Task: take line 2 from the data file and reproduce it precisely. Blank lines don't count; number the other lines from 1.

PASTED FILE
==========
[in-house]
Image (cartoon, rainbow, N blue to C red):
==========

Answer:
Image (cartoon, rainbow, N blue to C red):